With an eye trained nervously toward the future, Larson tried to counter-balance his 'Jimmy Olsen' persona by taking on a number of different roles between hiatuses. Over the course of the show's six-year run, Larson appeared in such films as "Battle Zone" (1952), "Star of Texas" (1953), "About Mrs. Leslie" (1954), and "Johnny Trouble" (1957). Despite his best efforts, however, Larson was never able to shake his television image.
In the summer of 1959, a resigned Larson was preparing to shoot a seventh season of "Superman" when tragedy struck. On June 19, 1959, "Superman" star and Larson's close friend, George Reeves, was found dead of an apparent suicide - though rumors would resound for decades that Reeves was killed by a spurned lover or the victim of a mob hit. The death resounded throughout the world, as fans, friends and co-workers had trouble reconciling the idea that the Man of Steel would kill himself - let along be felled by the very real bullets that, on screen, bounced off the superhero's chest. Reeves' untimely demise was so shocking and mysterious, it remained one of the top unsolved celebrity deaths in the history of Hollywood.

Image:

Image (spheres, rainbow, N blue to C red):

Typecast and virtually unemployable as an actor during the 1960's, Larson faced a career crossroads. At the advice of his then-boyfriend, Montgomery Clift, Larson finally decided to quit acting in 1966 to concentrate on his writing. Over the next several years, Larson gained critical praise as a playwright. In 1970, Larson received the first grant ever awarded by the Rockefeller Foundation for his play, "The Candid House." During the 1970's and 1980's, Larson reinvented himself as a successful movie producer. Together with his longtime companion, the late director James Bridges, Larson wrote and/or co-produced such high-profile features as "The Paper Chase" (1973), "The China Syndrome" (1979) "Urban Cowboy" (1980), and "Bright Lights, Big City" (1988).
Throughout the years - with each new "Superman" film or TV installment or every George Reeves death probe - Larson appeared to have long since made peace with his "Superman" history. Since giving up acting, Larson came out of retirement for occasional appearances on various Superman film and TV incarnations, including making a cameo appearance in Bryan Singer's "Superman Returns" (2006). Cast in the summer blockbuster as Bibbo Bibkowski, a supporting character from the modern Superman comics, Larson, appropriately enough, shared his scene with actor Sam Huntington, who played Jimmy Olsen in the movie. Later that year, a film based on the highly suspicious death of actor George Reeves thrust Larson back into the limelight. Adapted from the book, "Hollywood Kryptonite" by Sam Kashner and Nancy Schoenberger, the movie, "Hollywoodland" (2006), starred Ben Affleck as George Reeves and newcomer Joseph Adam in the role of Larson.